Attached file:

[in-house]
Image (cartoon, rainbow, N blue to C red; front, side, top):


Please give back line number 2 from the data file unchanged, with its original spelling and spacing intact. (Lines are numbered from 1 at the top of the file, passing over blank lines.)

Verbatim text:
Image (cartoon, rainbow, N blue to C red; front, side, top):